2.50
Hdl Handle:
http://hdl.handle.net/2436/129522
Title:
The effects of muscle damage on walking biomechanics are speed-dependent.
Authors:
Tsatalas, Themistoklis; Giakas, Giannis; Spyropoulos, Giannis; Paschalis, Vassilis; Nikolaidis, Michalis G.; Tsaopoulos, Dimitrios E; Theodorou, Anastasios A.; Jamurtas, Athanasios Z.; Koutedakis, Yiannis
Abstract:
The purpose of the present study was to examine the effects of muscle damage on walking biomechanics at different speeds. Seventeen young women completed a muscle damage protocol of 5 × 15 maximal eccentric actions of the knee extensors and flexors of both legs at 60°/s. Lower body kinematics and swing-phase kinetics were assessed on a horizontal treadmill pre- and 48 h post-muscle damaging exercise at four walking speeds. Evaluated muscle damage indices included isometric torque, delayed onset muscle soreness, and serum creatine kinase. All muscle damage indices changed significantly after exercise, indicating muscle injury. Kinematic results indicated that post-exercise knee joint was significantly more flexed (31-260%) during stance-phase and knee range of motion was reduced at certain phases of the gait cycle at all speeds. Walking post-exercise at the two lower speeds revealed a more extended knee joint (3.1-3.6%) during the swing-phase, but no differences were found between pre- and post-exercise conditions at the two higher speeds. As speed increased, maximum dorsiflexion angle during stance-phase significantly decreased pre-exercise (5.7-11.8%), but remained unaltered post-exercise across all speeds (p > 0.05). Moreover, post-exercise maximum hip extension decreased (3.6-18.8%), pelvic tilt increased (5.5-10.6%), and tempo-spatial differences were found across all speeds (p < 0.05). Limited effects of muscle damage were observed regarding swing-phase kinetics. In conclusion, walking biomechanics following muscle damage are affected differently at relatively higher walking speeds, especially with respect to knee and ankle joint motion. The importance of speed in evaluating walking biomechanics following muscle damage is highlighted.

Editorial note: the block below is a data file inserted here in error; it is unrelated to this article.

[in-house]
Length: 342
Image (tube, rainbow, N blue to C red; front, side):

Citation:
European journal of applied physiology, 110(5): 977-88
Publisher:
Springer-Verlag
Journal:
European journal of applied physiology
Issue Date:
2010
URI:
http://hdl.handle.net/2436/129522
DOI:
10.1007/s00421-010-1589-1
PubMed ID:
20668871
Type:
Article
Language:
en
ISSN:
1439-6327
Appears in Collections:
Sport, Exercise and Health Research Group

Full metadata record

DC FieldValue Language
dc.contributor.authorTsatalas, Themistoklisen
dc.contributor.authorGiakas, Giannisen
dc.contributor.authorSpyropoulos, Giannisen
dc.contributor.authorPaschalis, Vassilisen
dc.contributor.authorNikolaidis, Michalis G.en
dc.contributor.authorTsaopoulos, Dimitrios Een
dc.contributor.authorTheodorou, Anastasios A.en
dc.contributor.authorJamurtas, Athanasios Z.en
dc.contributor.authorKoutedakis, Yiannisen
dc.date.accessioned2011-05-13T11:07:19Z-
dc.date.available2011-05-13T11:07:19Z-
dc.date.issued2010-
dc.identifier.citationEuropean journal of applied physiology, 110(5): 977-88en
dc.identifier.issn1439-6327-
dc.identifier.pmid20668871-
dc.identifier.doi10.1007/s00421-010-1589-1-
dc.identifier.urihttp://hdl.handle.net/2436/129522-
dc.description.abstractThe purpose of the present study was to examine the effects of muscle damage on walking biomechanics at different speeds. Seventeen young women completed a muscle damage protocol of 5 × 15 maximal eccentric actions of the knee extensors and flexors of both legs at 60°/s. Lower body kinematics and swing-phase kinetics were assessed on a horizontal treadmill pre- and 48 h post-muscle damaging exercise at four walking speeds. Evaluated muscle damage indices included isometric torque, delayed onset muscle soreness, and serum creatine kinase. All muscle damage indices changed significantly after exercise, indicating muscle injury. Kinematic results indicated that post-exercise knee joint was significantly more flexed (31-260%) during stance-phase and knee range of motion was reduced at certain phases of the gait cycle at all speeds. Walking post-exercise at the two lower speeds revealed a more extended knee joint (3.1-3.6%) during the swing-phase, but no differences were found between pre- and post-exercise conditions at the two higher speeds. As speed increased, maximum dorsiflexion angle during stance-phase significantly decreased pre-exercise (5.7-11.8%), but remained unaltered post-exercise across all speeds (p > 0.05). Moreover, post-exercise maximum hip extension decreased (3.6-18.8%), pelvic tilt increased (5.5-10.6%), and tempo-spatial differences were found across all speeds (p < 0.05). Limited effects of muscle damage were observed regarding swing-phase kinetics. In conclusion, walking biomechanics following muscle damage are affected differently at relatively higher walking speeds, especially with respect to knee and ankle joint motion. The importance of speed in evaluating walking biomechanics following muscle damage is highlighted.en
dc.language.isoenen
dc.publisherSpringer-Verlagen
dc.subjectIsokineticen
dc.subjectEccentric exerciseen
dc.subjectGait biomechanicsen
dc.subjectWalking velocityen
dc.subjectGait transitionen
dc.subject.meshAdulten
dc.subject.meshAnkle Jointen
dc.subject.meshBiomechanicsen
dc.subject.meshExercise Testen
dc.subject.meshFemaleen
dc.subject.meshGaiten
dc.subject.meshHip Jointen
dc.subject.meshHumansen
dc.subject.meshKnee Jointen
dc.subject.meshMuscle, Skeletalen
dc.subject.meshRange of Motion, Articularen
dc.subject.meshWalkingen
dc.subject.meshYoung Adulten
dc.titleThe effects of muscle damage on walking biomechanics are speed-dependent.en
dc.typeArticleen
dc.identifier.journalEuropean journal of applied physiologyen

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